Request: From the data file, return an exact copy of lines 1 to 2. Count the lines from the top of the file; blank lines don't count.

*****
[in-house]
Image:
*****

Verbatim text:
[in-house]
Image: